Article 67 of Law No. 82 of 2002 does not require that the trademark subject of registration and protection be two-dimensional. In fact, most legislations allows the registration and protection of three-dimensional trademarks. Therefore, the Trademark Registration Office should accept applications submitted for the registration of three-dimensional trademarks.

Geographical Indications

Law No. 82 of 2002 does not stipulate a clear definition for geographic indications. Indeed, it mixes between three expressions that are widely used in intellectual property agreements and legislations in various countries: (a) indication of origin; (b) appellation of origin; and (c) indication of source/provenance.

Indications of source/provenance refer to the place of manufacturing or production and include the production, extraction, harvesting, packaging and distribution of the product. Such indications of source/provenance are two types as follows:

(a) Indication of Origin
Such indication of origin is connected with the actual process of production and includes the production, extraction, and harvesting of the product, and is therefore considered a part of the indication of source/provenance on a narrow basis.

(b) Appellation of Origin
Appellation of origin denotes the origin of the product, and depends on the climate, geography and skill that differentiate the product. Appellation of origin do not necessarily denote a certain quality of the product, however, they prescribe the characteristics of the products, either with respect to the climate and geography surrounding the product, or with respect to the skill in its production.

Law No. 82 of 2002 misused the term “Appellation of Origin” to describe the indication of source and the indication of origin besides the meaning of the appellation of origin set out above. This caused a serious problem in practice: Trademark Registration Office personnel could not differentiate between appellation of origin and the trademark.

It is worthy to mention that the Egyptian legislator violated the TRIPS Agreement by not conveying any additional protection to alcoholic drinks and wines as mentioned in Article 23 of the Agreement.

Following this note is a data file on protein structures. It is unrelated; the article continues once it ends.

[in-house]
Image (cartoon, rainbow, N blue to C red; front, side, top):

Collective Marks & Certification Marks

(a) Collective Marks
A collective mark is different from a trademark. While a trademark aims to determe the source of the product, a collective mark is not associated with a particular product, but may be used by any member belonging to a particular group, which is the owner of the collective mark.

(b) Certification Marks
The difference between collective marks and certification marks is that the latter may be used with permission from its owner after fulfilling the conditions set out by the owner of the certification mark. It is a common mistake to denote the certification mark as a quality mark, as it does not necessarily mean a certain quality, but only clarifies that its users have fulfilled the conditions set by its owner.

Branding / Trade Dress

These are not legal terms. They are used to describe the form in which the product or service is presented to the public. It may be a patent, a trademark, an appelation of origin or an industrial design, or not. An example for a trade dress is the general appearance that McDonanlds is using all around the world.

(5)   Well-Known Marks

The legislator was inaccurate in the use of the term “well-known marks” in Article 68 of Law No. 82 of 2002, because the TRIPS agreement requires that that the mark be “very well-known”. It is therefore recommended to change the term used to become “very well-known marks”.

In order to benefit from the protection, even if not registered, well-known marks must be known both globally and in the Arab Republic of Egypt.

In practice, problems arise in proving the fame of the mark globally and in Egypt, whether before the Trademark Registration Office or before courts. The reason behind those problems is that the fame of a mark is based on relative standards. In all cases, the defendant must submit evidence of his mark’s fame, which is deemed a question of fact that may be proved by all means of proof, and is subject to the discretion of the court or the registering authority to protect such mark.

It was noted that WIPO has not set out a clear definition of a very well-known mark, and in practice it is almost impossible to develop a comprehensive definition of a very well-known marks as is evidenced by the TRIPS Agreement’s inability to do so.

At the end of the session it has been proposed to amend the terms contained in the law to conform with international conventions and their purposes. It was also proposed to issue different registration application forms for different types of marks that conform to the required conditions for the registration and protection of each type of mark.